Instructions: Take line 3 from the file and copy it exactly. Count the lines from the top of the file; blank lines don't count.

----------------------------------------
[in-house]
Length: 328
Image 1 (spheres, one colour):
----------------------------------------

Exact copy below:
Image 1 (spheres, one colour):